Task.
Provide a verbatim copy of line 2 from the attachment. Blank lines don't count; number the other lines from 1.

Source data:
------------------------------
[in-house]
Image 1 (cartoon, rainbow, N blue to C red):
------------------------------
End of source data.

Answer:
Image 1 (cartoon, rainbow, N blue to C red):